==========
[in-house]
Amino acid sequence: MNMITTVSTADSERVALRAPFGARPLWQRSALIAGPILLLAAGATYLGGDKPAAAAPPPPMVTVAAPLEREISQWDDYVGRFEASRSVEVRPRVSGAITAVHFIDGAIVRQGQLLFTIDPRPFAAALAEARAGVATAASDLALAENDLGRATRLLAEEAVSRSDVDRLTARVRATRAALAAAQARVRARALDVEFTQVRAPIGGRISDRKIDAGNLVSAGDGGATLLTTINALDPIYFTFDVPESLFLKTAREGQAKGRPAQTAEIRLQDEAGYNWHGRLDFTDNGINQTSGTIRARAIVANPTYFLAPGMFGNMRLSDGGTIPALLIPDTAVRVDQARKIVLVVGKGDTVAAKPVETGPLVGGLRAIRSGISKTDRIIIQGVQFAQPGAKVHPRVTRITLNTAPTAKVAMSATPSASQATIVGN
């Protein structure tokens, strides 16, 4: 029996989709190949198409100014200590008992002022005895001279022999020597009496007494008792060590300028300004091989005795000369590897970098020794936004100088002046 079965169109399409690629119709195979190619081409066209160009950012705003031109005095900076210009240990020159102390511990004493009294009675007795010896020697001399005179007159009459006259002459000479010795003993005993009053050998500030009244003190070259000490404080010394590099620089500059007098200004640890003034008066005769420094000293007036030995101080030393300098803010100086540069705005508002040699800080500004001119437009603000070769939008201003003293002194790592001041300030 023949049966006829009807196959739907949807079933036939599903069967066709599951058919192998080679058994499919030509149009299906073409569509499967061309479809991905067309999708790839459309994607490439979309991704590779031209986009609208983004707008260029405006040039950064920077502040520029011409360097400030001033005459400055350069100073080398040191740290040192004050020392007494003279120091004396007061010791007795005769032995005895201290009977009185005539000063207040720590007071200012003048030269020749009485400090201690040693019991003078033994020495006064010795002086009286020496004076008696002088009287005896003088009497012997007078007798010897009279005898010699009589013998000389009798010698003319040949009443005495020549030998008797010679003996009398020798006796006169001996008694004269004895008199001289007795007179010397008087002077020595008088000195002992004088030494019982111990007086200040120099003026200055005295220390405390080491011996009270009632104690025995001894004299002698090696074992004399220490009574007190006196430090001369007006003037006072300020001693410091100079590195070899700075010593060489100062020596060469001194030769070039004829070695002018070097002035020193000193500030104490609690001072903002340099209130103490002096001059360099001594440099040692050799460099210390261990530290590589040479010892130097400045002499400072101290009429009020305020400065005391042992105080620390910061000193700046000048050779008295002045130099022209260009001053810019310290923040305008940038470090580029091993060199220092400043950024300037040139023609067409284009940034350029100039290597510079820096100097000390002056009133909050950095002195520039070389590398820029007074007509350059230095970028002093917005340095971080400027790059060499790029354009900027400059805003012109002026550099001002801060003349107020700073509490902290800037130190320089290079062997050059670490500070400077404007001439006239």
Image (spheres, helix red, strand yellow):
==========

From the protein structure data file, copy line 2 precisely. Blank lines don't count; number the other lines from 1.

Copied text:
Amino acid sequence: MNMITTVSTADSERVALRAPFGARPLWQRSALIAGPILLLAAGATYLGGDKPAAAAPPPPMVTVAAPLEREISQWDDYVGRFEASRSVEVRPRVSGAITAVHFIDGAIVRQGQLLFTIDPRPFAAALAEARAGVATAASDLALAENDLGRATRLLAEEAVSRSDVDRLTARVRATRAALAAAQARVRARALDVEFTQVRAPIGGRISDRKIDAGNLVSAGDGGATLLTTINALDPIYFTFDVPESLFLKTAREGQAKGRPAQTAEIRLQDEAGYNWHGRLDFTDNGINQTSGTIRARAIVANPTYFLAPGMFGNMRLSDGGTIPALLIPDTAVRVDQARKIVLVVGKGDTVAAKPVETGPLVGGLRAIRSGISKTDRIIIQGVQFAQPGAKVHPRVTRITLNTAPTAKVAMSATPSASQATIVGN